Listen to the adorable children's animation that invigorates the Arabic alphabet

شكّل حروفك - أغنية عن تشكيل الحروف

When you first look up "Arabic alphabet" on YouTube, the top result is a hyper-religious video where each letter corresponds to a holy concept (I'm not kidding). With poor production quality, the videos that follow aren't suited for the human eye.

I'm not around kids much to confirm this, but children's educational entertainment isn't much of a thing in the Arabic language and the online results we come across attest to that. The lack is a major downer in Beirut where the competency of both written Arabic has diminished exponentially over the past thirty years.

Rouba Beydoun - mother of two - released an animation on her YouTube Channel that plays out the Arabic alphabet and teaches kids the Arabic's short vowels (or tashkil). Illustrated by Syrian artist Sawsan Nourallah, the video is both easy on the eye and the ear. They made sure to revitalize it with an adorable voiceover yet maintain the traditional melody associated with Arabic vowels

Rouba told me more about the animation (funnily enough, our conversation was entirely in English):
My husband and I realized that even though countries in the Levant and the UAE have been going through some form of Children's Literature renaissance, there's still a lot to do to make Arabic attractive to children and their parents, especially since parents of the upper middle class in many countries in the region don't speak to their kids in Arabic anymore. I developed an interest in Arabic resources for kids - be it books or songs or videos. I've been doing a lot of research on what's missing in online resources and books and run a Facebook group for discussion and a YouTube Channel where I publish the videos. The song you hear isn't new; it's actually a traditional melody that many people grew up listening to. I sought out a musician in Egypt, Mohamed Sami, who revived it with a new arrangement. I sing in the song with my niece Naya! Since this is all non-profit (and I didn't want to go broke) I submitted a proposal to a regional cultural NGO, Mawred, and received a grant for two songs and a book. Part of the same project is to release a second song on the names of months, which will be out soon with an arrangement and melody by Charbel Rouhana.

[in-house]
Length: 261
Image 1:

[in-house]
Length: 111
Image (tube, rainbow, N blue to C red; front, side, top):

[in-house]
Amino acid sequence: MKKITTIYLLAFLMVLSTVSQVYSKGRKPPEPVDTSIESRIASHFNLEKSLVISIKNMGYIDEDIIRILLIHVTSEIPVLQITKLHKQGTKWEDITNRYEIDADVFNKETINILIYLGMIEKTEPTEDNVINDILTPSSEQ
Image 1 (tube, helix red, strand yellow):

Play it for a second time and you'll be chanting it all day:

In a perfect world, improved content like Rouba's animation is YouTube's top result.

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